My work as a court reporter, and also as chief legal noncommissioned officer, took me to Germany, then Fort Irwin, California, and finally to Fort Carson and the Colorado Springs area. Upon leaving the military, I went to work with Colorado Springs Utilities and got involved with the Colorado Springs Diversity Council.

My diverse set of life experiences and time serving our country in the military made me uniquely qualified to become Pikes Peak Library District’s first-ever Director of Equity, Diversity, and Inclusion (EDI). In a lot of ways, I feel like serving in this role at PPLD has brought my life full circle beginning with those former days of reading at the library!


Click here for more People of the Pikes Peak Region stories!


All you need is your library. But your library needs you, too! Support Pikes Peak Library District by making a charitable gift to the PPLD Foundation. Click here to make your donation today. Thank you!

Pikes Peak Library District was selected as a vaccine equity clinic site as part of Governor Polis’ efforts to ensure that every person in Colorado has access to the COVID-19 vaccine, no matter who they are or where they live. “Since we began distributing vaccines to communities across our state, we have made a concerted effort to do so in a way that is equitable, saves the most lives, and ends the immediate public health crisis as quickly as possible,” said Governor Jared Polis. “With each vaccine administered we take another step toward getting back to life as we knew it. I want to thank community organizations across our state for their partnership in ensuring that every person who wants a vaccine, can get one.”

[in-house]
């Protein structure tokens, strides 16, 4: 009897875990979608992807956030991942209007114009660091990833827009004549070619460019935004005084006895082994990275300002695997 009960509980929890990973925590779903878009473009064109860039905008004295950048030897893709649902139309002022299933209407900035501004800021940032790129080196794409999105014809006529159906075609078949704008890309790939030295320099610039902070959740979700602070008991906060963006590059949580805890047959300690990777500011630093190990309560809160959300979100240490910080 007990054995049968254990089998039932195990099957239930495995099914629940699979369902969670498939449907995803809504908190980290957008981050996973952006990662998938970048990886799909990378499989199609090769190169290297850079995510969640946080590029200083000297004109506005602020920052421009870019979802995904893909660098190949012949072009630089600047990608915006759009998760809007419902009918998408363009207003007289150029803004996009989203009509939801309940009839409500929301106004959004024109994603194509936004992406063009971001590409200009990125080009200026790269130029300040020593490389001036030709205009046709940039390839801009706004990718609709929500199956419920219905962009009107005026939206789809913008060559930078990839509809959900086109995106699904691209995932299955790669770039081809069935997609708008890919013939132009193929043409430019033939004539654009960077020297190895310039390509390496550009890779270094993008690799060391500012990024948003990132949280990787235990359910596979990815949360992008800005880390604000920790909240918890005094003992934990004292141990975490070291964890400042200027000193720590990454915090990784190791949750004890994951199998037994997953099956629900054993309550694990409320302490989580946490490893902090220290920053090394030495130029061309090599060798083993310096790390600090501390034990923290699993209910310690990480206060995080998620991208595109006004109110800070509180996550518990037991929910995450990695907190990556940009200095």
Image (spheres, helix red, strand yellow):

Get Vaccinated at PPLD!

Cheyenne Mountain Library


 

 


CDC: What to expect after getting a COVID-19 vaccine


Learn more about COVID-19 and the Library's response.

Additional Resources

Announcing the 2021 Winners of All Pikes Peak Writes!

All Pikes Peak Writes is PPLD’s annual fiction writing contest for ages 12+, and seeks to highlight writers in our community through one contest.This year the challenge was to write a story, up to 2,500 words, set in Colorado Springs to mark the city’s 150th birthday in 2021. Stories can be set in the past, present, or future.

Download the Anthology here.

  • Ages 25+
    • 1st Place: Aurora, by Robert Boumis (story not included at author’s request)
    • 2nd Place: Lost Paradise, by Sierra Hess
    • 2nd Place: The Fifth Marathon, by Tatiana Rudolphi
    • 3rd Place: The Capemaker of Comeuppance Alley, by Leigh Gaddy
    • 3rd Place: Harlan’s Holes, by Benjamin Wretlind
  • Young Adult (ages 19-24)
    • Honorable Mention: Yesterday’s Forest, by Kimmie Mason
    • Honorable Mention: Saying Goodbye, by Rebekah Hire
  • High School
    • 1st Place: A Dying Demise, by Emerald Cordova
    • 2nd Place: The Cost of Old Dreams, by Audrey Brooks
    • 3rd Place: Tell Me the Problem, by Melony Lomeli

Please contact hbuljung@ppld.org or criesenberger@ppld.org for questions or more information.

Image
origamienvelope